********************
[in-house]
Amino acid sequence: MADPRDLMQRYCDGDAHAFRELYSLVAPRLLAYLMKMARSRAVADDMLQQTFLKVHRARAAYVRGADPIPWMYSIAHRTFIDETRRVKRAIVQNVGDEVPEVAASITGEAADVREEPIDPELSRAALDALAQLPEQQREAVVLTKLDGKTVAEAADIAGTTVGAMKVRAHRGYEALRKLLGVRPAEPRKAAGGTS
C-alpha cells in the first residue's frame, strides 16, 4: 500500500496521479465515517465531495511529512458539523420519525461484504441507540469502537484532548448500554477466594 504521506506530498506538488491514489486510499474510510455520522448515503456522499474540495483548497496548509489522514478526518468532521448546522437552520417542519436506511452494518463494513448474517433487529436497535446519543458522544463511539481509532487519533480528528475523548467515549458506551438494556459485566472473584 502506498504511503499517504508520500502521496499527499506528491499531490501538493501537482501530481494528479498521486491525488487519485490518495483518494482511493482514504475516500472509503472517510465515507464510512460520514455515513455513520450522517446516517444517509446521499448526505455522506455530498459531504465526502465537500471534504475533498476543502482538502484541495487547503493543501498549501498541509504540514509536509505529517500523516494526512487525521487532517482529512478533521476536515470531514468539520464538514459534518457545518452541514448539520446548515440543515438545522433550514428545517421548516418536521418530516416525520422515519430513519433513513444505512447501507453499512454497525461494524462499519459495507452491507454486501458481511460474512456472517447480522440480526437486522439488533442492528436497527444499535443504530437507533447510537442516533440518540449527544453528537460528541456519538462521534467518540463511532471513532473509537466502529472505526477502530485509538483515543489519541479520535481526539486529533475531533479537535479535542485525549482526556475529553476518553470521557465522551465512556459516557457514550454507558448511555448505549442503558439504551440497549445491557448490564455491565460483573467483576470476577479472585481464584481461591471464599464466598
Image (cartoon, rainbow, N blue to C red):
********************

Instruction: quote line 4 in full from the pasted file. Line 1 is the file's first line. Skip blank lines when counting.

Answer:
Image (cartoon, rainbow, N blue to C red):